Constipation can also lead to enuresis because of increased pressure on the bladder and also because of inappropriate toileting behaviors where children infrequently voids as well as defecates. The differential diagnosis of diurnal enuresis can be reviewed here.
Type 1 diabetes mellitis is one of the most common chronic diseases in childhood and is increasing in prevalence worldwide. In childhood the presentation age is bimodal with one peak at 4-6 years and another at 10-14 years. Most studies show no gender differences except for an increase in older adolescent males noted in European studies. The diagnosis is made by a fasting glucose of > 126 mg/dL (7 mmol), or postprandial glucose of > 200 mg/dL (11.1 mmol), or hemoglobin A1c > 6/5% (48 mmol/mol), in addition to insulin deficiency and clinical signs of insulin deficiency (such as those in the classic presentation below).
The presentations of type 1 diabetes includes:
- Hyperglycemia without acidosis
- Classic presentation – polyuria, polydipsia and weight loss
- Polyuria and polydipsia are seen in the vast majority of cases (90%); weight loss occurs in about 1/2 of children. Nocturnal enuresis is a very common early symptom.
- Symptoms usually have been occurring for 10 days
- Symptoms can be subtle so a careful history is needed especially in young children where polyuria may be more difficult to identify. Young children may also present with dehydration, abdominal pain, fatigue or a prolonged candidal infection.
- Patients may appear relatively well
- Diabetic ketoacidosis
- Less common presentation (~10%) of patients
- Similar to classic presentation but patients usually appear more ill
- May have fruity-smelling breath and mental status changes such as lethargy and drowsiness
- Patient diagnosed because of family history or tested for other reasons
- Non-specific symptoms
- Abdominal pain
- Growth retardation
- Infectious diseases including perineal candidiasis
- School or mental problems
- Visual changes
The renal glomerulus filters glucose which is reabsorbed by the proximal convoluted tubule.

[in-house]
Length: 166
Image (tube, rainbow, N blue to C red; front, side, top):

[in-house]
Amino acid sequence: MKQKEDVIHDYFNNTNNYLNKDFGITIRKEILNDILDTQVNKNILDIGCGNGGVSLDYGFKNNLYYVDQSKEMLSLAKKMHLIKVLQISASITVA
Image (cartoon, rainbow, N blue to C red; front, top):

Polyuria occurs when the serum glucose concentration overwhelms the tubules ability to reabsorb the glucose.
This occurs at serum glucose concentrations above 180 mg/dL (10 mmol/L).
Questions for Further Discussion
1. How does Type 2 diabetes mellitis present?
2. What are risk factors for diabetes mellitus?
- Symptom/Presentation: Enuresis and Urinary Incontinence
- Age: School Ager
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Vanelli M, Scarabello C, Fainardi V. Available tools for primary ketoacidosis prevention at diabetes diagnosis in children and adolescents. “The Parma campaign”. Acta Biomed. 2008 Apr;79(1):73-8.
Schultz-Lampel D, Steuber C, Hoyer PF, Bachmann CJ, Marschall-Kehrel D, Bachmann H. Urinary incontinence in children. Dtsch Arztebl Int. 2011 Sep;108(37):613-20.
Merger SR, Leslie RD, Boehm BO. The broad clinical phenotype of Type 1 diabetes at presentation. Diabet Med. 2013 Feb;30(2):170-8.
Levitsky LL, Misra M. Epidemiology, Presentation, and Diagnosis of Type 1 Diabetes Mellitis in Children and Adolescents. UpToDate.
(rev. 6/10/14, cited 7/14/15).
Levitsky LL, Misra M. Complications and Screening in Children and Adolescents with Type 1 Diabetes Mellitis. UpToDate.
(rev. 1/2/2015, cited 7/14/15).
Donna M. D’Alessandro, MD
Professor of Pediatrics, University of Iowa Children’s Hospital